What Is SVG and Why Do You Care?

A look at SVGs most compelling features

by Rob Levin


In this short article, we look at some of SVG's most compelling benefits, explain the difference between raster and vector, provide a bit of SVG history, and then finally we finish off with a very simple SVG example.

What Is SVG and Why Do You Care?

If you've been keeping an eye on the “pulse of the web” these days, you've undoubtedly notice that SVG–spelled out: Scalable Vector Graphics–is experiencing an amazing resurgence on the web. Let's examine what exactly this SVG thing is, and why you need to start learning more about it now.

SVG Benefits

Perhaps you've already played around a bit with SVG–or, perhaps not–but, either way, it's useful to know exactly what benefits a technology brings to understand exactly how much time is appropriate to invest in it to get maximum ROI. Here are some of the more compelling ones you may be interested in:

These are just some of the benefits, but let's get in to explaining exactly what IS SVG next…

Raster vs. Vector

To understand the Scalable Vector part of SVG, we need to understand what vector is, and contrast it to raster (the more common image counterpart in use).


A simple definition of a raster image is: a rectangular series of pixels, where each pixel defines an RGB color value. This is a simplified (if not dumbed down) definition, but will suffice for our purposes.

The series of pixels described above, is also known as a bitmap. Bitmaps are generally compressed for storage, and then decompressed by a viewing program as needed.

Some popular raster image formats are: JPG (or JPEG), PNG, and GIF. These image formats are prolific and, thus, support for raster images is ubiquitous. This wide-spread usage explains the excellent back support for raster images, and supporting legacy browsers/systems is pretty much a non-issue. However, raster images have some disadvantages:


A vector image is: a series of instructions that describe to a viewing program how to draw shapes comprised of lines and curves. These instructions map to a series of grid points (aka coordinates) where the lines or curves are to be drawn.

Box Model
Raster (pixelated edges) vs. Vector (crisp edges)

In the above image, we've purposely scaled up both the raster and vector versions of the same original graphic. Notice that, while the vector remains crisp, the raster image exhibits jagged edges and pixelation.


Interestingly, the actual rendered vector image, is rendered as a raster image by the viewing program, since: all modern displays are raster-oriented

However, due to the way vector graphics are defined (as a series of commands or instructions at geometric points), the rendering engine can achieve feats such as zooming via some simple multiplication and a redraw. This fact, makes SVG wonderful when it comes to, ahem, scalability.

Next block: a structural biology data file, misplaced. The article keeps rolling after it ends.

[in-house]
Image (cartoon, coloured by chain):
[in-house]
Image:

While vector-based graphics are not as ubiquitous as raster, they have some definite advantages:


SVG became an open standard in 1998, and had an early upswing in about 2001 when Adobe released the SVG Viewer 3. By 2005, SVG was becoming quite popular, but Adobe adopted Flash making SVG a lesser priority. Then, in 2008, Apple publicly denounces and blocks Flash from iOS products resulting in all “web folk” becoming enamored by the promise of HTML5. By 2010, we see IE9 start to support SVG, and in 2011 Retina, 2012 Android, and since then, a general up-swing in the number of form factors and resolutions that need to be supported. I believe these last points, plus decent overall cross browser support, have put SVG back on the hot list of the web's tech trends.

The following is a timeline representation of the historical data mentioned above (and created with SVG itself) by the W3C Developer Relations Lead, Doug Schepers / @shepazu. I first saw this while attending Doug's Frontend Masters SVG Workshop. Doug was kind enough to let us use it here (thanks!). I did make some small alterations to the CSS to make it fit our site and be responsive, hopefully preserving Doug's original artistic and aesthetic intent!

The Rise and Fall and Rise of SVG The Rise and Fall and Rise of SVG Number of people using SVG Not ManyA lot! 1998 SVG begins 2001 Adobe SVG Viewer 3 2005 Adobe adopts Flash 2008 Apple blocks Flash 2010 IE9 2011 Retina 2012 Android 2014 Today

SVG Example Usages

Some practical uses for SVG on the web are:

Two more links I'd recommend having a look at for some major inspiration are: this demo by Petr Tichy, and the articles tagged svg on the Codedrops site which are always quite appealing.

SVG Basics

Hopefully I've convinced you that an investment in learning the basics of SVG is worthwhile. I'll leave you with a very simplistic example of SVG, but encourage you to read my other article on SVG Basics to learn more. To keep things simple, I've cheated a bit with the code snippet below excluding some things I did to make the SVG “responsive”, which entails a couple of techniques that would only confuse at this point. For now, just assume that the SVG dimensions have been set to 64 x 64 relative units, and that the circle's center points are located at the center of that.

  <circle cx="32" cy="32" r="20" stroke="#08BCD0" stroke-width="4" fill="none" />
A Stroked SVG Circle